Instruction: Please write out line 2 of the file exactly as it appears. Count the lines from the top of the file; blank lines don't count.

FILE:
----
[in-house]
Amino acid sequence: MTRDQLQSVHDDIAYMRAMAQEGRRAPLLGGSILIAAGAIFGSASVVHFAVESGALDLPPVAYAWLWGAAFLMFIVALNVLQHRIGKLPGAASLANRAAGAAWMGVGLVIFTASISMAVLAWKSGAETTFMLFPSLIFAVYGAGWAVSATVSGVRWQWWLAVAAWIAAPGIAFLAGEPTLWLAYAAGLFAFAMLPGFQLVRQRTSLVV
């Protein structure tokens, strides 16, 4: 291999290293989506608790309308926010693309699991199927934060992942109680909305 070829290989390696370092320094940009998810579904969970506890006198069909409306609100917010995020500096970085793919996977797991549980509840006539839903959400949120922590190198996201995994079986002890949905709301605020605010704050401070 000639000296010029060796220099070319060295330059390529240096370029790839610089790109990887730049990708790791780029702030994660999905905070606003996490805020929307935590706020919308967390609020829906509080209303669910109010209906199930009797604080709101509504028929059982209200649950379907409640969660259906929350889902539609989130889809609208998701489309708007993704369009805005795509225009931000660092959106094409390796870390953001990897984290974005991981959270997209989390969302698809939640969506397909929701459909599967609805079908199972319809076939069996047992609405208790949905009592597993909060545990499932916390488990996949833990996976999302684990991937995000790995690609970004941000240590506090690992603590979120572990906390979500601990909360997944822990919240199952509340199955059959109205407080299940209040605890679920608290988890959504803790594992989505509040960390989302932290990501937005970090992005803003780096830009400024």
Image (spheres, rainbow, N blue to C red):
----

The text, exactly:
Amino acid sequence: MTRDQLQSVHDDIAYMRAMAQEGRRAPLLGGSILIAAGAIFGSASVVHFAVESGALDLPPVAYAWLWGAAFLMFIVALNVLQHRIGKLPGAASLANRAAGAAWMGVGLVIFTASISMAVLAWKSGAETTFMLFPSLIFAVYGAGWAVSATVSGVRWQWWLAVAAWIAAPGIAFLAGEPTLWLAYAAGLFAFAMLPGFQLVRQRTSLVV